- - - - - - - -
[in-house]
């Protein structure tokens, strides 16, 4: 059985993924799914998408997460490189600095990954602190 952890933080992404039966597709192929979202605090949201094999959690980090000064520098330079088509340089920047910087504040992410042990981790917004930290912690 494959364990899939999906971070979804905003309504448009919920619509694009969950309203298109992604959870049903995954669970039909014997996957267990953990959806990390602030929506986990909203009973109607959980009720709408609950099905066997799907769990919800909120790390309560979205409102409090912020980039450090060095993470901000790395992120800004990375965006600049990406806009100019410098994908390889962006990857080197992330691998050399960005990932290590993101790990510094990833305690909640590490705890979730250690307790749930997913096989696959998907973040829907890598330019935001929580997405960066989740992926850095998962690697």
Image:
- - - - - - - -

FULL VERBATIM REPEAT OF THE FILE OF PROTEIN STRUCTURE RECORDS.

[in-house]
């Protein structure tokens, strides 16, 4: 059985993924799914998408997460490189600095990954602190 952890933080992404039966597709192929979202605090949201094999959690980090000064520098330079088509340089920047910087504040992410042990981790917004930290912690 494959364990899939999906971070979804905003309504448009919920619509694009969950309203298109992604959870049903995954669970039909014997996957267990953990959806990390602030929506986990909203009973109607959980009720709408609950099905066997799907769990919800909120790390309560979205409102409090912020980039450090060095993470901000790395992120800004990375965006600049990406806009100019410098994908390889962006990857080197992330691998050399960005990932290590993101790990510094990833305690909640590490705890979730250690307790749930997913096989696959998907973040829907890598330019935001929580997405960066989740992926850095998962690697």
Image: